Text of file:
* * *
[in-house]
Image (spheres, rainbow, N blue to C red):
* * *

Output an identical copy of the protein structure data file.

[in-house]
Image (spheres, rainbow, N blue to C red):